Cláudio Pina

CESEM — FCSH, NOVA University of Lisbon, Portugal;


Since 1960, the most prolific period on organ experimentation, we find non-orthodox compositions on the organ. Composers like Hambraeus, Ligeti, Cage, Kagel and Xenakis, to name a few, changed the paradigm of organ composition with a specific goal in mind – the sound produced by these old instruments. From this collection of works, the ones from the protean composer Ligeti are paramount. From the graphical score of Volumina, the long clusters of Harmonies to the fast torrent of notes of Coulée we find carefully laid out performance notes of how to achieve these new sounds – unknown at the time. Today we can label these new sounds as extended techniques, like the ones found in other aerophones. Notwithstanding, the perception of the audience regarding these sounds behaves in a different way. They challenge the listener’s mind. Where does these sounds come from? Is it a special register? Did the organ was altered in some way? Is there another contraption or instrument on the choir? Or even the odd commentary of: “Did the organ malfunction?”. Since most organs are hidden from plain sight in a large reverberant space, the sound propagates in all directions, like a multichannel loudspeaker array. On top of that, the organs inhabit the choir, a higher balcony, and the audience faces the opposite direction. It is clear that we can apply Schaeffer and Chion listening modes to an organ recital with this kind of repertoire. Besides that, the usual audience expects a known body of sounds (i.e., Bach’s organ works) and struggles to identify the source and how they are made. In this regard, Annette Vande Gorne classifies Ligeti’s organ works has clear examples of acousmatic music.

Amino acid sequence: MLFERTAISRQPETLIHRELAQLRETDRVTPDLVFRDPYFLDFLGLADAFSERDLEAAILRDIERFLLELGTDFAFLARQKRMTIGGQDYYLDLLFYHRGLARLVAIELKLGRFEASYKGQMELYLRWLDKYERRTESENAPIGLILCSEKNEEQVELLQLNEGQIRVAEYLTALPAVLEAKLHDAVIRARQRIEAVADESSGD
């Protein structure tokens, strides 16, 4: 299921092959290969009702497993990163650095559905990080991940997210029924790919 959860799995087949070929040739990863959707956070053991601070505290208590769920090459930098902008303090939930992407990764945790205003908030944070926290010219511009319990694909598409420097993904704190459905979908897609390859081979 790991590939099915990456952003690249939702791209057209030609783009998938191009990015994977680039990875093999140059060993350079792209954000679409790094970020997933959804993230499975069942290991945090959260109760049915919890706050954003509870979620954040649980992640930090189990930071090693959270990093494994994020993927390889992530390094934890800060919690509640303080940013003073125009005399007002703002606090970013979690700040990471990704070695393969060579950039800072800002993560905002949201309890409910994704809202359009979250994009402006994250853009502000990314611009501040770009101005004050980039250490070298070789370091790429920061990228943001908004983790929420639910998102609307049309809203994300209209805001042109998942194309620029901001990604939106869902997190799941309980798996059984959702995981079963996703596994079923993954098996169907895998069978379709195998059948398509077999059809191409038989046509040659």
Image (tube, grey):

Keywords: Organ; Contemporary music; Acousmatic music; Reduced listening; Audience perception; Extended techniques.


Cláudio Pina (b.1977) Sound artist, improviser, organist and composer. Titular organist of the historical organ at the Parish of Ajuda (Lisbon). Researcher in GIMC (CESEM). Holds a DAS regarding contemporary organ music and a MA distinguished with the Dean’s Honour Roll 2018. Currently a PhD candidate and FCT fellow in the same field (ESML/FCSH). Studied in Gregorian Institute of Lisbon, Hot Jazz Club and Physics Engineering (FCUL). Had further studies with Adrian Moore, Åke Parmerud, Annette Vande Gorne, Barry Truax, Gilles Gobeil, Hans Tutschku, and Trevor Wishart. His work has been premiered worldwide in; Arte no Tempo, Aveiro Síntese, Binaural Nodar, Festival DME, Festival Zeppelin, Iklectic, MUSLAB, MA/IN, Perpectivas Sonoras, Lisboa Incomum, L’Espace du Son, and World Soundscape Project. His acousmatic works have been published in MA/IN 2019 and Métamorphoses 2020. Self released two albums, “Asteroeidēs” and “Palimpsestus”. Released in 2022 “Avant-garde Organ” funded by GDA Foundation and published by 9musas(